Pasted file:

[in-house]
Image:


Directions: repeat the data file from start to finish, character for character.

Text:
[in-house]
Image: